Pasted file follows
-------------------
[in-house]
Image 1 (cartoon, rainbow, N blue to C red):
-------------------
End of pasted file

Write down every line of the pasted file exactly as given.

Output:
[in-house]
Image 1 (cartoon, rainbow, N blue to C red):